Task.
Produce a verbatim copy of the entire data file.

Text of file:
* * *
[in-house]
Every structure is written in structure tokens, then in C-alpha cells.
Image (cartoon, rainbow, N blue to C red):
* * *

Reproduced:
[in-house]
Every structure is written in structure tokens, then in C-alpha cells.
Image (cartoon, rainbow, N blue to C red):